The real fun behind Danny Collins is watching the cast. The story does nothing. Not only do you not believe Pacino as a rock star, the idea that this guy who has lived out every drug-induced rock ‘n roll fantasy throughout his decadent career – he can hardly remember any of it – would suddenly drop everything because of a few basic words of encouragement, even if they came from John Lennon, is really a tough sell. But when you think of it, the nonsense plot is also part of the fun.
Cannavale is just right as your average, New Jersey guy struggling to make everyday work for him and his wife, Samantha (a terrific Jennifer Garner). Christopher Plummer makes an unlikely rock star manager, but like everything else in the film, you go along with it for the simple fact that it’s always good when you get that rare chance to enjoy something new from Christopher Plummer. But it’s the scenes between Pacino and Annette Benning that really work.
Benning plays a perpetually upbeat, hotel manager; the same New Jersey hotel where Danny Collins suddenly turns up and wants a room for an indefinite period. The funny exchange at the check-in between a surprised young clerk (Melissa Benoist from TV’s Glee), Mary (Benning) and the unavoidably recognizable rock star is just how you imagine such a conversation would go. “I know who you are,” a smiling hotel manager tells the colorful celebrity.
Part of Mary’s appeal is that she can’t help but always be honest with her grounded opinions. In taste and style, she’s the polar opposite to Collins. When Collins asks her how does he look – he’s in his seventies in the middle of New Jersey with a fake tan, an earring, an open neck shirt unbuttoned down to his podgy gut revealing a hairy chest, a large crucifix hanging from his neck all while sporting a shiny, blue suit with a pink handkerchief protruding from his top pocket – all Mary can do is laugh at him and say, “You look ridiculous.” It’s not quite what he expected.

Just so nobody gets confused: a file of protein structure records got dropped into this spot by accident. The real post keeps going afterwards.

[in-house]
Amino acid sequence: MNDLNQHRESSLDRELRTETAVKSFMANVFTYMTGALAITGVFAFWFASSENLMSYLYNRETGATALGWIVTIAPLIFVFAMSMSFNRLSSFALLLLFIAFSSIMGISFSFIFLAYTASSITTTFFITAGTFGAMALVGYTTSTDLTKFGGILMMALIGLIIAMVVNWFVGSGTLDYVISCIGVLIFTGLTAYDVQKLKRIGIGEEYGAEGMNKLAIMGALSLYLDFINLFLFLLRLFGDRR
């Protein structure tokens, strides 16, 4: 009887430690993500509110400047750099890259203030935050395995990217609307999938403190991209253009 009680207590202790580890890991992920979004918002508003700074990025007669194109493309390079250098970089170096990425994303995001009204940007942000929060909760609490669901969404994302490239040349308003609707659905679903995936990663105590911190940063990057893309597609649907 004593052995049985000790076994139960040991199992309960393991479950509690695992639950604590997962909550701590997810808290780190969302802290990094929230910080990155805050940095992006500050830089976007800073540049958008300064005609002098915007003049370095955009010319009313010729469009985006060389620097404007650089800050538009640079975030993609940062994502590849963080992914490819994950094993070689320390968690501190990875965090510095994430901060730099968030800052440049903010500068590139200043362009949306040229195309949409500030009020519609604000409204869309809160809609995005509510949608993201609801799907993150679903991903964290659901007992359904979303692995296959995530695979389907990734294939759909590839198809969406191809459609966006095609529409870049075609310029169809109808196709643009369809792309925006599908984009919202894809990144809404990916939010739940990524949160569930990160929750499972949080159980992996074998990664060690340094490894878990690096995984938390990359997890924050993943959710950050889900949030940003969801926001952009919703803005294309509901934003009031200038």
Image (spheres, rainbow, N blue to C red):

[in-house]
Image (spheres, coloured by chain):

Director Dan Fogelman’s funny script is peppered throughout by John Lennon’s solo hits that comment on the fading scene. When Collins reads that forty-year old letter, Lennon’s Imagine plays on the soundtrack; when the initial meeting between rock star and estranged son goes badly, Lennon’s Cold Turkey is introduced, and when Collins celebrates at a surprise birthday party by boozing and snorting coke, Lennon’s Whatever Gets You Thru The Night underlines the action.
The cynic may raise an eyebrow and sigh throughout, but don’t be that cynic. You’ll just spoil it. Here’s what you do: Take nothing seriously; enjoy the preposterous notion of Pacino as a rock star, take pleasure in Jennifer Garner’s lecture to Collins telling him what a great daughter-in-law he’s missed out on, and savor every moment that Annette Benning is on screen. Do that and you’ll be fine.
MPAA Rating: R Length: 106 Minutes Overall Rating: 7 (out of 10)